John Sieger
Sieger on Songs

The Strange Life of Connie Converse

“How Sad, How Lovely” among the haunting songs by this lonely songwriter.

By - May 22nd, 2019 04:01 pm
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Connie Converse.

Connie Converse.

An artist’s biography colors the experience you have listening to their work. This is a double edged sword. Instead of loving the work for itself, you’re bludgeoned with back story and bound by an unspoken contract to not criticize it. To place things above criticism by virtue of the artist’s sterling character is a mistake. I’ll probably always admire Woody Allen and Jerry Lee Lewis, but it’s their work that shines, not them. There are also times, though, when life and art go hand in hand and separating one from the other would be a mistake.

When I heard Connie Converse recently, I had to look her up. I did remember reading about her a while back but was foggy on the details. Her biography is very sketchy, probably by choice. She performed for a large audience just once — in 1954 on “The Morning Show” on CBS with Walter Cronkite. The rest of the time she was writing songs and recording them in the New York apartment of a friend, Gene Deitch, a well known animator who got her the TV appearance. Deitch was a true believer but the task of escorting this odd recluse out of the shadows to claim her place in the spotlight was doomed to fail.

Recently rediscovered, Converse was instantly tagged by those who see singer/songwriters behind every tree as an early example of that hit-and-miss genre. Writing and singing in the 1950’s before that term was invented, she was technically in that category, but that’s where the similarities end. There is a feeling of compulsion in her music, a sense she had no choice but to express herself. Listen to her singing “How Sad, How Lovely” in this crude home demo —  it will remind you of no one, and certainly no category.

If this performance kind of clangs in your ears, join the club. This is not about what a great singer Ms Converse was. She sounds like an elementary school music teacher. With zero blues and only a hint of swing in her voice, she would be easy to dismiss if what she was singing wasn’t so polished and so devastating:

How sad, how lovely,
how short, how sweet,
to see that sunset
at the end of the street.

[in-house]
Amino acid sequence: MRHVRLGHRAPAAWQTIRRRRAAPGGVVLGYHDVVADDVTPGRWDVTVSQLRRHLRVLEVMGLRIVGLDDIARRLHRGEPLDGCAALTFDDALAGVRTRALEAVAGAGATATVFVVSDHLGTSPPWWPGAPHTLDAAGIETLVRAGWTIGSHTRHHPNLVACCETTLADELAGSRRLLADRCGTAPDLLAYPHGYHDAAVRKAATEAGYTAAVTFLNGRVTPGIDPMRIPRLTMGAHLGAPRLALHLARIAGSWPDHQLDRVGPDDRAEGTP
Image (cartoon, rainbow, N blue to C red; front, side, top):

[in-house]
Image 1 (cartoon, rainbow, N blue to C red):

And the day gathered in
to a single light,
and the shadows rising
from the brim of the night.

Too few, too few
are the days that will hold
your face, your face
in a blaze of gold.

How sad, how lovely,
how short, how sweet,
to see that sunset
at the end of the street.

And the lights going on
in the shops and the bars,
and the lovers looking
for the first little stars.

Like life, like a smile,
like the fall of a leaf,
how sad, how lovely,
how brief.

© Connie Converse

The sense of isolation in this compact lyric is intensified by the image of a spinster in training. Viewing the end of the day with no perspective and treating it like the end of the world, she is not one of those lovers waiting on the first little stars, and never will be. I think Kurt Weill would be happy to claim this song. (Her music is performed by a variety of artists, including Laurie Anderson, on the 2017 album Vanity of Vanities: A Tribute to Connie Converse.)

Born in New Hampshire, Elizabeth Eaton Converse (Connie was a nickname) was a loner’s loner who lived for years in Greenwich Village, where she probably should have stayed. But she tired of the city and moved to Ann Arbor where her brother lived and worked her way up from secretary to managing editor at The Journal Of Conflict Resolution (no kidding!). When that organization relocated to Yale she was left behind. That seems to have been the last straw. She wrote a few friends and family, letting them know she wanted a new life somewhere where no one knew her. You’d think Ann Arbor would be perfect in that regard, but apparently it wasn’t. So she packed up and vanished without a trace. If you’re looking for a back story, hers is as strange and mysterious as they get.

Connie Converse was so singular it’s hard to imagine any other outcome. There is nothing dumbed down for mass consumption in her work. She also wrote poetry — had I encountered this song in a collection somewhere, I would have been just as moved. Having just written about the difficult art of writing happy songs, I’ll now admit it’s not any easier to express the sadness in this world. As someone who couldn’t be in it comfortably, she had a bit of an advantage. Connie lived and wrote from an outsider’s perspective. To do that and make it into something this beautiful is truly a gift. Too bad there’s nowhere to send the thank you note.

(Thanks to Liv Mueller for posting about Converse on Facebook.)

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